Five faculty members have each received $10,000 New York State Council on the Arts (NYSCA) Individual Artist grants to carry out creative projects, including several that have a focus on public service in the arts. NYSCA also awarded a $40,000…
Bringing Earlier Era of Activism to Digital Life
Bringing seven decades of nineteenth-century Black organizing to digital life is the mission of the Colored Conventions Project (CCP). Co-founded by faculty director P. Gabrielle Foreman, the CCP is a scholarly and community research project focused on digitally preserving Black political activism from the 1830s to 1890s, some of which occurred in this region, near Syracuse University and across Central New York.
Over the course of these seven decades, Black men and women traveled to attend meetings advertised as “Colored Conventions.” These political gatherings offered opportunities for free-born and formerly enslaved African Americans to organize and strategize for racial justice. Leaders of the abolitionist movement, including Frederick Douglass, took part in some of these assemblies in Central New York and beyond. For instance, the National Convention of Colored Men, held in October 1864, convened leading abolitionists, including Douglass, at the Wesleyan Methodist Church (still standing in downtown Syracuse). At that convention, organizers presented the Bill of Wrongs and Rights, a document outlining inequalities faced by African Americans. The CCP digitizes documents like these, along with period images related to the Colored Conventions Movement, to create interactive online exhibits which provide insight and understanding of early Black organizing for scholars and interested citizens alike.
The Humanities Center welcomes Foreman, an award-winning educator, scholar, and activist known for her work in Black digital and public history and in African American literature, as the 2021 Jeannette K. Watson Distinguished Visiting Professor in the Humanities. In addition to her leadership of the CCP, Foreman is professor of English, African American studies and history, and an endowed chair in liberal arts at Pennsylvania State University. Her virtual residency begins with a 3-way dialogue on February 11, “Looking Back, Looking Forward: Choices, Careers and Living Black History.” Renowned historians Daina Ramey Berry (University of Texas at Austin) and Erica Armstrong Dunbar (Rutgers University) will join Foreman for a lively discussion, moderated by Shirley Moody-Turner (Pennsylvania State University). They will explore how, in their innovative scholarship and in their sustained advocacy for change in the academy, they each center Black women’s lives, resistance, and intellectual contributions. This dialogue is the first of four events that make up Foreman’s spring residency. Find the full list of opportunities and information on how to register.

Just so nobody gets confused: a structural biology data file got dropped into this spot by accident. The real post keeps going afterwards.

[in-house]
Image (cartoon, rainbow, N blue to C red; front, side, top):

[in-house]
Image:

Preserving Rich Histories of Activism
Vivian May, director of the Humanities Center and of the Central New York Humanities Corridor, who is also professor of women’s and gender studies, says each of Foreman’s events will take up key questions of what it means to pursue justice, in one’s academic field and body of research, but also in community and collaboration with others.
“Foreman is a remarkable collaborator and publicly engaged scholar,” says May. “Her leadership and work with the Colored Conventions Project illuminate how the humanities, including Black digital humanities projects, are pivotal to making change.”
Last February 14, on Frederick Douglass Day, dozens of volunteers at Syracuse University helped contribute to the CCP’s effort to digitally preserve Black history. Through a collaboration between the Humanities Center and the CCP, volunteers at Syracuse joined over 600 people across the United States to transcribe the writings of early Black feminist educator, activist and author Anna Julia Cooper (1858-1964). They used computers to read and type up her papers, notes, diaries, newspaper articles and more into a digital database for future generations to enjoy and learn from. Over 1,700 materials were digitized during the event, helping researchers and scholars discover new aspects of Cooper’s life’s work.
May says, “CCP collaborations and partnerships help transform archives, historical knowledge, and offer important new materials for teaching. In a short period of time, this work has exponentially expanded access to newly digitized archival materials, to better document and preserve rich histories of Black political organizing and activism.”
Digitizing these historical materials, and making them readily available via CCP’s two websites—their main site and their new digital records site—is key, says May. “It democratizes access to this knowledge base and raises awareness of longer histories of civil rights organizing,” she adds. “A new edited volume about these Conventions (to be highlighted in an April event as part of Foreman’s spring residency), will deepen understandings about this political history and these texts, as well.”